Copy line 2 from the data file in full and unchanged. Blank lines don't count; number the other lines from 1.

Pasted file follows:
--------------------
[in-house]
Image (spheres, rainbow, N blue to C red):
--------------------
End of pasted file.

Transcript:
Image (spheres, rainbow, N blue to C red):